Hail Mary, full of compassion,
Pray for me when I suffer
and have no-one to share the load.

Hail Mary, full of faith,
Pray for me when I cannot pray for myself.


#adventbookclub runs from 1st December until Epiphany. This year we are using “The Art of Advent” by Jane Williams, and raising some money for Mercy UK, a mental health charity over at the JustGiving page here. Search #adventbookclub on Twitter or Facebook to join in the conversation. 

#adventbookclub Day 10: Joseph

Thinking about Joseph, I am reminded of all those whose calling is to support those whose ministry is more public.

As I reach the end of my first term at theological college training to be a priest I am acutely aware, from conversations with my peers and from my own experience, of the contribution made to our current formation and future ministry by partners and children, family and friends. Very often that vital work of support goes unacknowledged or under-appreciated, or else the family of those in public ministry find themselves on the receiving end of other people’s unhelpful projections.

I am reminded too of those faithful people in our congregations and beyond whose ministry is one of encouragement or enabling. The encouragers who always make the effort to say “well done”, “I enjoyed that”, “that was a courageous decision, thank you”, “you’re doing a great job” (especially when it doesn’t feel like it).

Then there are the enablers, who never take centre stage, but are the ones who get things done: sending out the reminder emails, stacking and unstacking chairs, washing the tea towels, remembering to order loo rolls, and felt pens, and communion wine… Too often these ministries of consistent care are belittled or ignored. But without them, the church (and the world) would cease to function. And in them, God’s endless care for every detail – every hair on our heads, every grain of sand – finds embodiment.

So, as we keep Advent as a time of preparation, who are the Josephs among us? Those who encourage and support, without looking for the limelight? Whose gifts, efforts and vocation go unnoticed? Thank God for them all!

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#adventbookclub runs from 1st December until Epiphany. This year we using “The Art of Advent” by Jane Williams, and raising some money for Mercy UK, a mental health charity over at the JustGiving page here. Search #adventbookclub on Twitter or Facebook to join in the conversation.

#adventbookclub Day 9: John the Baptist

John the Baptist is among my very favourite biblical characters. His wildness, his uncompromising faithfulness to the message he has been given, his joyfully incredulity at the task with which he has been entrusted, his unpretentious humility…

This is my first Advent in a new church, and I am delighted to find that we start our services during Advent by singing together “prepare ye the way of the Lord” (using the tune from “Godspell”!). Over and over again we sing it – “prepare ye the way of the Lord” – as our focus is drawn back to the longed-for Christ – “prepare ye the way of the Lord” – as we wait for the coming Light to dawn upon us – “prepare ye the way of the Lord” – even as we walk in darkness.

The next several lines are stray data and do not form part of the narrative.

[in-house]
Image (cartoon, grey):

John the Baptist’s whole life echoes that cry. “Prepare ye the way of the Lord” rings out in his every word and teaching and action. I wonder what in our lives helps us to prepare the for the coming Christ? I wonder what in our lives calls out to others “prepare ye the way of the Lord”?

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#adventbookclub runs from 1st December until Epiphany. This year we using “The Art of Advent” by Jane Williams, and raising some money for Mercy UK, a mental health charity over at the JustGiving page here. Search #adventbookclub on Twitter or Facebook to join in the conversation.

#adventbookclub Day 8: The Prophets

We are perhaps inclined to think of prophets as having a flare for the dramatic. Fire and brimstone, proclaiming repentance, judgement, the coming of the kingdom…

But in truth, the work of a prophet has far less to do with sudden flashes of inspiration, and far more to do with steadfast faithfulness. Proclaiming God’s word, in season and out. Standing by what we hear from God, in the face doubts – internal and external.

And I wonder how that reframes the question of who we regard as prophets in our own time? When we look for prophets in our midst, do we look for the loud voices, the original ideas, the next big thing? Or do we look for unstinting steadfastness, faithfulness day in and day out, enduring courage to speak truth to power?

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#adventbookclub runs from 1st December until Epiphany. This year we using “The Art of Advent” by Jane Williams, and raising some money for Mercy UK, a mental health charity over at the JustGiving page here. Search #adventbookclub on Twitter or Facebook to join in the conversation.